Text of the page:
Our social worker and child life specialists speak to the patients and parents, informing them of Kristen’s death and offering support. No one thinks to ask the nurses what we might need. They invent an exercise for us a few days later. Using the bulletin board at the staff end of the hallway, we are invited to write something about Kristen. Our sentiments are to be coded and anonymous for patient confidentiality. The attempt feels like a forced afterthought. I walk away, contributing nothing.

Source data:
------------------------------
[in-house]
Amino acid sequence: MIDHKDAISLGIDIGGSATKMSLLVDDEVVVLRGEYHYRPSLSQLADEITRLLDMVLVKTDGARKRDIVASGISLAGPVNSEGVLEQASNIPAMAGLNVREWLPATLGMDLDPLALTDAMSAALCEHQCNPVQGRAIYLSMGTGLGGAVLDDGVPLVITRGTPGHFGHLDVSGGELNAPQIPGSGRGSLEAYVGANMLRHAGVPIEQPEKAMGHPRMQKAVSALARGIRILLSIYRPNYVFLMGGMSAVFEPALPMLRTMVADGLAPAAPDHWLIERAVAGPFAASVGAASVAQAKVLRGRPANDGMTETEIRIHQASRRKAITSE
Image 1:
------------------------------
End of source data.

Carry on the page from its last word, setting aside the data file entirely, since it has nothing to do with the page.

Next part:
“Have you ever gone to a patient’s funeral?” I ask my friend Debbie. She is also a nurse and we’ve cared for mutual patients over the course of our careers.
From diagnosis to death, my dad’s journey was a callously swift nine months. A strange lump in his thigh turned out to be osteosarcoma, which then...